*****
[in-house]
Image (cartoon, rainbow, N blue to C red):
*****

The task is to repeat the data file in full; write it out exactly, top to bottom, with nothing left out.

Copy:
[in-house]
Image (cartoon, rainbow, N blue to C red):